Spring chatbot

SAN FRANCISCO — The robots have arrived, but they’re not ready for prime-time.

“Conversational commerce,” where bots sell brands on chat-based platforms, is getting much of the buzz in Silicon Valley these days, draining away some of the excitement from the still under-realized social media buy button. But experts said chatbots are still better at answering customer service queries than racking up sales.

That could change, as the bots and anything using artificial intelligence get serious attention from the tippy top of the tech world.

Mark Zuckerberg opened up Facebook’s Messenger platform to chatbot developers in April, demonstrating the potential of chatbots on the app, which has a billion users, by ordering flowers. The interaction mimicked standard customer service chat, but there was a robot on the 1-800-Flowers end of the conversation.

Since then, developers have built an estimated 18,000 chatbots for Messenger. They join the legions of chatbots and artificial intelligence-powered tools interacting with users on platforms such as Amazon, Apple, Google, Microsoft, WeChat and Slack.

Tommy Hilfiger introduced a chatbot on Messenger to promote the Tommy x Gigi collection in September. Burberry’s Messenger chatbot took users “behind the scenes” of its recent collection and let users shop three items from the runway show. (It also lets users chat with a person.) E-commerce app Spring in May introduced an experimental feature that guided users, helping them discover brands through Messenger while combining both automated responses and the ability to connect directly with a Spring “concierge.”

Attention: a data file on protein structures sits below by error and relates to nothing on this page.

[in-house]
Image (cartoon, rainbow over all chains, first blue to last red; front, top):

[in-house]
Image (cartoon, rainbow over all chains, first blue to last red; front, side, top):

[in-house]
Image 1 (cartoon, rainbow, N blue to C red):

And PayPal recently started to slowly link with Messenger to add PayPal as a payment option within Messenger, which means that merchants that use PayPal can accept payments directly in their bots.

Bots use scripting software to automate tasks, such as answering basic customer service questions and searching through product listings. A brand’s chatbot on Messenger can, for example, incorporate features such as images and multiple choice questions and it can also use artificial intelligence, which makes them “smarter” over time based on a user’s behavior.

When flummoxed, they can punt the conversation to a person.

Conversational commerce, though, is still in its early stages and is benefiting from at least some of the online dreams that have fallen flat along with buy buttons, which allows social media users to buy right from their Twitter, Facebook or Instagram feeds, and have largely failed to live up to expectations.

With more than 1.7 billion active users, Facebook is growing into more of a commercial driver given the sheer size of its audience. Much of that comes not from buy button directly on the site, but referrals or ads that tout products and point users to an e-commerce site or a brand’s app.

Forrester analyst Jessica Liu said the excitement around buy buttons have sagged some because people generally don’t turn to social media to make purchases.